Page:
Fairness Survey

Fairness Inmachinelearning: A Survey

As Machine Learning technologies become increasingly used in contexts that affect citizens, companies as well as researchers need to be confident that their application of these methods will not have unexpected social implications, such as bias towards gender, ethnicity, and/or people with disabilities. There is significant literature on approaches to mitigate bias and promote fairness, yet the area is complex and hard to penetrate for newcomers to the domain. This article seeks to provide an overview of the different schools of thought and approaches to mitigating (social) biases and increase fairness in the Machine Learning literature. It organises approaches into the widely accepted framework of pre-processing, in-processing, and post-processing methods, subcategorizing into a further 11 method areas. Although much of the literature emphasizes binary classification, a discussion of fairness in regression, recommender systems, unsupervised learning, and natural language processing is also provided along with a selection of currently available open source libraries. The article concludes by summarising open challenges articulated as four dilemmas for fairness research.

Machine Learning Fairness Notions: Bridging The Gap With Real-world Applications

Fairness emerged as an important requirement to guarantee that Machine Learning (ML) predictive systems do not discriminate against specific individuals or entire sub-populations, in particular, minorities. Given the inherent subjectivity of viewing the concept of fairness, several notions of fairness have been introduced in the literature. This paper is a survey that illustrates the subtleties between fairness notions through a large number of examples and scenarios. In addition, unlike other surveys in the literature, it addresses the question of “which notion of fairness is most suited to a given real-world scenario and why?”. Our attempt to answer this question consists in (1) identifying the set of fairness-related characteristics of the real-world scenario at hand, (2) analyzing the behavior of each fairness notion, and then (3) fitting these two elements to recommend the most suitable fairness notion in every specific setup. The results are summarized in a decision diagram that can be used by practitioners and policy makers to navigate the relatively large catalogue of ML fairness notions.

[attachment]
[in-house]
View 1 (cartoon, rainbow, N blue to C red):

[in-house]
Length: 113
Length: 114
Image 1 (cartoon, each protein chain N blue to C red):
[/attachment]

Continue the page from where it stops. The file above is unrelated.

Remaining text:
The Measure and Mismeasure of Fairness: A Critical Review of Fair Machine Learning

The nascent field of fair machine learning aims to ensure that decisions guided by algorithms are equitable. Over the last several years, three formal definitions of fairness have gained prominence: (1) anti-classification, meaning that protected attributes—like race, gender, and their proxies—are not explicitly used to make decisions; (2) classification parity, meaning that common measures of predictive performance (e.g., false positive and false negative rates) are equal across groups defined by the protected attributes; and (3) calibration, meaning that conditional on risk estimates, outcomes are independent of protected attributes. Here we show that all three of these fairness definitions suffer from significant statistical limitations. Requiring anticlassification or classification parity can, perversely, harm the very groups they were designed to protect; and calibration, though generally desirable, provides little guarantee that decisions are equitable. In contrast to these formal fairness criteria, we argue that it is often preferable to treat similarly risky people similarly, based on the most statistically accurate estimates of risk that one can produce. Such a strategy, while not universally applicable, often aligns well with policy objectives; notably, this strategy will typically violate both anti-classification and classification parity. In practice, it requires significant effort to construct suitable risk estimates. One must carefully define and measure the targets of prediction to avoid retrenching biases in the data. But, importantly, one cannot generally address these difficulties by requiring that algorithms satisfy popular mathematical formalizations of fairness. By highlighting these challenges in the foundation of fair machine learning, we hope to help researchers and practitioners productively advance the area.

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